A puzzle from the years after World War 2

I have recently put an article about the Second World War on our TimeMap of World History. It’s in a pretty raw state at the moment – it hasn’t even been proof ready yet. But I am pleased that it’s up. The modern world is not yet well covered by the encyclopedia part of the TimeMap, but I am gradually plugging the gaps – and World War 2 was a pretty major gap!

Having written this article, and having therefore been thinking quite a lot about the period of the war, I was interested in reading something in today’s newspaper. It was in an obituary about a British historian, Denis Smith, who specialised in the study of modern Italy. In some of his books  he sought, as the obituary writer says, to explain the “strange death of Liberal Italy”.

Now, that may be a fascinating subject. After all, Italy was unified as a result of the Risorgimento, a widespread movement led by some of the best-known liberals of the day, men such as Mazzini and Cavour. However, that’s not what struck me. It was the phrase, “the strange death of….”; and there is something that has always puzzled me about an episode in the Second World War – or at least it’s immediate aftermath.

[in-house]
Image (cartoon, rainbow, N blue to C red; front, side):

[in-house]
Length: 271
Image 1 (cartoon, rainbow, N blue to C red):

Two puzzles

For, even at the end of the war, with all the terrible disasters it had unleashed on Germany, its catastrophic destruction of German life and property, the German people retained their loyalty to Hitler. If there had been a general election in 1945, by all accounts he would have won hands down. They had seen how his policies had brought such tragedy to them, yet they continued to believe in him.

This is all very strange. But then, human beings are very strange.

But there’s something else very strange, and I’ve not found any book or article that really deals satisfactorily with it.  This is that, within a few years, the Germans had sloughed off their former Nazism. I don’t know how long this process took, and I know the Allies ran a de-Nazification programme in the country – but I know next to nothing about all this. And yet, the outcome seems to be clear: just a very few years after the war, the Germans were voting en masse for liberal parties and supporting the creation of one of the most liberal societies in the world.

So, if any of my readers could point me to something I could read about it, I would be very grateful.

Back to the now, I am working on a series of articles to cover what has been a gaping hole in our coverage – the USA, Canada and the Native Americans. And by the way, I haven’t forgotten you Australians!

Peter Britton